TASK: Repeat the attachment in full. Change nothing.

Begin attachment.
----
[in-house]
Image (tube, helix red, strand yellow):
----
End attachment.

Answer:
[in-house]
Image (tube, helix red, strand yellow):